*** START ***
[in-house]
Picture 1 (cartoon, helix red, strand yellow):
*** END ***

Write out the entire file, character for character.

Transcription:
[in-house]
Picture 1 (cartoon, helix red, strand yellow):